Thermodynamics Processes and Applications
This book is intended as a reference work in thermodynamics for practicing engineers and for use as a text by undergraduate engineering students. The goal is to provide rapid access to the fundamental principles of thermodynamics and to provide an abundance of applications to practical problems. Users should have completed two years of an undergraduate program in engineering, physics, applied mathematics, or engineering technology.
The material in this book includes equations, graphs, and illustrative problems that clarify the theory and demonstrate the use of basic relations inengineering analysis and design. Key references are provided at the conclusion of each chapter to serve as a guide to further study.
Additionally, many problems are given, some of which serve as numerical or analytical exercises, while others illustrate the power and utility of thermal system analysis in engineering design. There is sufficient material in Chapters 1-2 and 5-11 for an introductory, one-semester course. A more theoretical course would include Chapters 3 and 4, and a more applied course would extract parts of Chapters 12-14 to supplement material presented in Chapters 8-11.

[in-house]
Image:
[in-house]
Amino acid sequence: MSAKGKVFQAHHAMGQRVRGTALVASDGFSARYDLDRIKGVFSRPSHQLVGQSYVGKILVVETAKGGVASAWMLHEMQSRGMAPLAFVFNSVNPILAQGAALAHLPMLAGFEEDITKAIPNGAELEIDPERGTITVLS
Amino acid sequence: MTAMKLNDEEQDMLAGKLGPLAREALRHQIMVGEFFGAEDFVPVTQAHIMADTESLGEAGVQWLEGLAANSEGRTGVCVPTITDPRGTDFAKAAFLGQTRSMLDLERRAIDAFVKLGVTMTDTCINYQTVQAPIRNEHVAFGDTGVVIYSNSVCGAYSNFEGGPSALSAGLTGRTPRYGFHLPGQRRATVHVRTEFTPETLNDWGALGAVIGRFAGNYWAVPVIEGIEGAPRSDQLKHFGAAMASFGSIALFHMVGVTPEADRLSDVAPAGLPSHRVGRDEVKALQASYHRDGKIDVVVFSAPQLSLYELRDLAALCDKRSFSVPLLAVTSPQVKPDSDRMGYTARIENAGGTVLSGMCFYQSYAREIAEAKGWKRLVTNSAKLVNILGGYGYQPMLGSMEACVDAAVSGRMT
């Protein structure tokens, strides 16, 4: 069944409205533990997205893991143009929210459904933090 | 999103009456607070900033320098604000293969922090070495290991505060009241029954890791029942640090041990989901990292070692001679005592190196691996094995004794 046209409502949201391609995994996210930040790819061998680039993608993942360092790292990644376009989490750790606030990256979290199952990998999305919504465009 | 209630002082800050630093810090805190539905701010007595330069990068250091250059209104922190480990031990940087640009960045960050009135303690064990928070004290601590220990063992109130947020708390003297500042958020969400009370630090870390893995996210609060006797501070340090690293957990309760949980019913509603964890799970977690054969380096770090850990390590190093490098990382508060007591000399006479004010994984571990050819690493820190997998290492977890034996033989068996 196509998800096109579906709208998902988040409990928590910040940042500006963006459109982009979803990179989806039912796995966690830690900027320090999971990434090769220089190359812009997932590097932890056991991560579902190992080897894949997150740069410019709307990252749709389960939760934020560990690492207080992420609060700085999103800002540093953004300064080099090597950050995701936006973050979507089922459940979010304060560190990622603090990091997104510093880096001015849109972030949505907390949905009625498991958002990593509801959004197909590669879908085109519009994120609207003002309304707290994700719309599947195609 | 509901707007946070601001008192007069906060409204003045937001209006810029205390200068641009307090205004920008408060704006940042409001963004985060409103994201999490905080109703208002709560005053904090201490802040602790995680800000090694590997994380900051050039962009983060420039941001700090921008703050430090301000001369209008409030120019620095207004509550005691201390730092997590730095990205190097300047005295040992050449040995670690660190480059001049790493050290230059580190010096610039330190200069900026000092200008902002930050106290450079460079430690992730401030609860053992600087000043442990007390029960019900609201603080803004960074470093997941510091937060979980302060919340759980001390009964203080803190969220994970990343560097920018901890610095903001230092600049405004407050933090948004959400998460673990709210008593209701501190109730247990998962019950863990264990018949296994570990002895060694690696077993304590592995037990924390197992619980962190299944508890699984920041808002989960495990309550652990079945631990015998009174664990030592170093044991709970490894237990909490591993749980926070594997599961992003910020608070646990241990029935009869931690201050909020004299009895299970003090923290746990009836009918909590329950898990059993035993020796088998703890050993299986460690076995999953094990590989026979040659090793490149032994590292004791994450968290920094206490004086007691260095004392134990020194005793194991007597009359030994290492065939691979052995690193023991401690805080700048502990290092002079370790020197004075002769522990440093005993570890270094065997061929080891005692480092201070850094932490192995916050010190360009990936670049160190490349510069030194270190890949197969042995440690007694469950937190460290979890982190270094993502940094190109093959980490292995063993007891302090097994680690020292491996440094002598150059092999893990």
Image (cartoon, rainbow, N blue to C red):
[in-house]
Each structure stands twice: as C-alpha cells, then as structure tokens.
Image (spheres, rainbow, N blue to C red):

Although this text shows the relationship of macroscopic thermodynamics to other branches of physics, the science of physics is utilized only to give the reader greater insight into thermodynamic processes. Instead of emphasizing theoretical physics, the book stresses the application of physics to realistic engineering problems.
An ideal gas is used initially to model a gaseous thermodynamic system because it is an uncomplicated, yet often realistic model, and it utilizes the reader’s basic knowledge of physics and chemistry. More realistic models for solid, liquid, and gaseous systems are progressively introduced in parallel with the development of the concepts of work, heat, and the First Law of
Thermodynamics. The abstract property known as entropy and its relation to the Second Law complete the treatment of basic principles. The subsequent material focuses on the use of thermodynamics in a variety of realistic engineering problems.
Thermodynamic problems associated with refrigeration, air conditioning, and the production of electrical power are covered in Chapters 8-14. Chapter 14 treats the special topic of high-speed gas flow, providing the connection between thermodynamics and fluid mechanics. Applications in this chapter are found in aerodynamics, gas turbines, gas compressors, and aircraft and rocket propulsion.
Earl Logan, Jr